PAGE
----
One of the worst parts about surfing is dealing with a wet, and often stinky, wetsuit. If you don’t stow it well, a wetsuit can easily stink up your car or other items in your bag, and will soak anything it touches.
While there are different wetsuit storage options out there, surf backpacks are my personal favorite due to their versatility. They do a great job of keeping wetsuit funk out of the car, and for surf breaks with a bit of a trek to the beach, or for the car-less surfer, a surf backpack is essential for keeping your wetsuit from mingling with items you’d rather keep dry on the commute home.
The best surf backpacks can even function as a regular drybag, keeping water out (rather than in) to protect items like electronics or clothes from the elements, whether that’s on a boat or in the rain.
There are lots of different surf backpacks out there, so we took the liberty of testing a number of them. If you’re curious about how they stand up against one another, check out our comparison table. Or if you’re wondering what to look for in a solid surf backpack, take a look at our buyer’s guide below.
The Best Surf Backpacks:
Best Overall Surf Backpack:Dakine Cyclone II ($175)
Best Dry Backpack: COR Surf Waterproof Dry Backpack ($74-79)
Best Value: Quicksilver Sea Stash Backpack ($55)
Best Backpack for Surf Travel: Rip Curl F-Light Surf 40L ($141)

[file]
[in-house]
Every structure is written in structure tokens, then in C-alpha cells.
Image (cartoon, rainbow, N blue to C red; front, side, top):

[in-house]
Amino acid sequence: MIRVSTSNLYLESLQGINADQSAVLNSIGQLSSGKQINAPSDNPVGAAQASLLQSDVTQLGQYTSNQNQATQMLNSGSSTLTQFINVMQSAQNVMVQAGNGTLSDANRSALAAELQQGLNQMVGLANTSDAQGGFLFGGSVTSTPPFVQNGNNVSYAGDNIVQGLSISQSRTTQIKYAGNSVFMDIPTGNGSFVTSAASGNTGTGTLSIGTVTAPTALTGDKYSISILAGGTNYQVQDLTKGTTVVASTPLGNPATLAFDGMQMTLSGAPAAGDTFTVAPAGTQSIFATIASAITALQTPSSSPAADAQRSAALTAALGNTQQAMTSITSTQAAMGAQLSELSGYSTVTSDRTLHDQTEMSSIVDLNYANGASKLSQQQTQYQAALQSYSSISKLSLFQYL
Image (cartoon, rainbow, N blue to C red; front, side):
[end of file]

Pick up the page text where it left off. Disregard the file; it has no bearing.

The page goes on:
Classic Drybag Functionality: NRS Bill’s Bag Dry Bag ($128)
Best Overall Surf Backpack
Pros: Welded design, breathable shoulder straps, integrated board carry system.
Cons: No water bottle holder.
Designed to be your everyday surf pack and your travel go-to bag, the Dakine Cylone II is the perfect hybrid bag. At 36 L, the pack is small enough to be a day pack but has enough space for overnight adventures. The pack features a roll-top closure and welded design to ensure gear stays dry, welded front stash pockets for essentials, and a mesh side pocket. To ensure the pack is comfortable while on the move, it features breathable ergonomic shoulder straps and back panel, as well as an adjustable sternum strap. Additionally, the pack features an integrated board carry system for up to 15 pounds – Dakine really thought of everything with the Cyclone II. The pack isn’t cheap, but it’s currently being offered for just $88 on Amazon, which is an absolute steal given the features and design that went into this awesome backpack.
Best Dry Backpack
Pros: Internal laptop sleeve, floats.
Cons: Material is slightly thin.
COR Surf’s Waterproof Dry Backpack has a simple design that includes everything you could want in a surf backpack. The 25-liter pack features a roll-top design that ensures its fully waterproof and it even floats should you drop it in water. The padded ergonomic shoulder straps are incredibly comfortable, and the water-resistant external compartment and water bottle holders make it easy to store extra items.
Added features include an internal laptop sleeve, a reflective strip for night trips, and a chest buckle for a secure fit. The material is slightly on the thin side, so although it’s fairly durable, I could see it needing to be replaced sooner than some options. Overall, I like that this pack is affordable, comfortable, and includes everything I could want and need in a surf backpack.
It’s also available in a 40L option, for those that want more space in their pack.Check Price on Amazon
Pros: Water-resistant front pocket, adjustable straps.
Cons: No extras.